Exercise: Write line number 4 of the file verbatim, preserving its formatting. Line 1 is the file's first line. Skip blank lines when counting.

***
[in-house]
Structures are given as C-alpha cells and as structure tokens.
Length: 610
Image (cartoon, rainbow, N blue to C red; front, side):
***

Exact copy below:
Image (cartoon, rainbow, N blue to C red; front, side):